"I remember guessing at whether I was taking the mick... and what other people across the company would think of my usage? I felt like I was somehow doing something against the best interest of the company and my team-mates."

This was a real kicker. We provided unlimited holidays to try and make sure everyone was always at their freshest. The fact that it was causing so much anxiety was a big problem – if you're fretting every time you book a holiday, then you aren't relaxing properly.

4) Unlimited doesn’t really mean unlimited

Now, this is the tricky part.

Because ‘unlimited holiday’ cannot really mean unlimited holiday. It just can’t. The reality of running a business dictates there will be occasions we need our team not to go away.

What ‘unlimited’ really means in this context is “we’re not counting”. But using that word meant our team leads felt they had no grounds on which to deny holiday requests if that request went against the needs of the business.

In that context, a team lead denying a holiday request became so much more personal than it would be otherwise. It wasn’t just “ah, sadly you can’t go away on that date”. Instead, it became “No. And I don’t trust your decision-making on this”.

For us, and the culture we’re trying to build at Charlie, those conversations are too fraught to be baked into our holiday policy. It was making life more difficult than it needed to be – for everyone.  

So... Could unlimited holiday work?

I expect at least a few people reading this might be looking at this policy for their own company, or maybe learn how to run theirs better. So I guess their question is this: can unlimited holiday work?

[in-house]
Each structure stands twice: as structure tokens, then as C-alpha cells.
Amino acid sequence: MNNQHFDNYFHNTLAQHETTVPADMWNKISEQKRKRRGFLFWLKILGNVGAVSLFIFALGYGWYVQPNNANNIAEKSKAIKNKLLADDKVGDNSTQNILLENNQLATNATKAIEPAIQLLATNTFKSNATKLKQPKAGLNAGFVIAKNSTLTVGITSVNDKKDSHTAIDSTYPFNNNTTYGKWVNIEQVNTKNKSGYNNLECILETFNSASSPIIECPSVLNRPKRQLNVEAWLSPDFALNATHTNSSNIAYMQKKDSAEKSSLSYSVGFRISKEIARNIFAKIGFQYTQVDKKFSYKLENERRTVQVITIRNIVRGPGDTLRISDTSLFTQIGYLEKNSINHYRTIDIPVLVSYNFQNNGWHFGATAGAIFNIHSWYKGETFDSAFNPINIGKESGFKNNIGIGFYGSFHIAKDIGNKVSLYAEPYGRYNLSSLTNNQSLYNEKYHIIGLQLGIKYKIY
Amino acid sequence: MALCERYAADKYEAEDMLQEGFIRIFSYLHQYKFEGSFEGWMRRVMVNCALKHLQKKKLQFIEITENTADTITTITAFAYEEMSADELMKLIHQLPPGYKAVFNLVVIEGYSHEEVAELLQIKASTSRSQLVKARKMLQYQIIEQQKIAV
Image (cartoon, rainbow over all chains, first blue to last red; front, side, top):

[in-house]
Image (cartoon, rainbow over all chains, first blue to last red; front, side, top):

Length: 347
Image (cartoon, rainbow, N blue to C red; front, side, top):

I can’t speak for every company out there – but for Charlie, I think the answer is no. We had a really good crack at unlimited holiday, and personally, I’m not sure where else we could have taken it.

There are bigger companies than Charlie out there happily using unlimited holiday policies. Many of them have been around a lot longer than us, and are successful enough to lend the idea some serious weight.

Companies like Netflix and LinkedIn have obviously found a way to make it work for them, but I don’t think it’s the right policy for Charlie. I think the system leaves all the emphasis on the individual to make the right call, and that decision will always contain just a little too much anxiety.

So where do we go from here?

For a little while at least, we thought we knew the answer to the time-off question.

Now, I’m a little less sure.

So where do we go from here? If we tried unlimited holiday and it broke, then what do we replace it with?

Ripping up unlimited holiday and starting again forced us to think hard about what we wanted our new policy to achieve, and what a 'good' holiday policy even looks like in the first place.

By going through that process, we were able to put together a holiday policy that I think is genuinely best-in-class – both for the team and Charlie as a whole.

If you want to take a look at our design process as well as the holiday policy we finished with, then just hit the link below.

Click here to download CharlieHR holiday policy

CharlieHR builds software to help small businesses thrive. From tracking time off, running performance reviews or keeping tabs on employee engagement, Charlie provides everything you need to manage your people – all in one place.

You can try it free today by clicking here.

comments powered by Disqus